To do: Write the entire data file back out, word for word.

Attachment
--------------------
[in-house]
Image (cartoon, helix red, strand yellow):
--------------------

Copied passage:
[in-house]
Image (cartoon, helix red, strand yellow):